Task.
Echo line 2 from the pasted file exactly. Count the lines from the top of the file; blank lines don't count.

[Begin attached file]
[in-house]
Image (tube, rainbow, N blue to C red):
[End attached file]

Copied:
Image (tube, rainbow, N blue to C red):